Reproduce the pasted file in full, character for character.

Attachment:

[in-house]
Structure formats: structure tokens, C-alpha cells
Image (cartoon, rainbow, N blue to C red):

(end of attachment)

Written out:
[in-house]
Structure formats: structure tokens, C-alpha cells
Image (cartoon, rainbow, N blue to C red):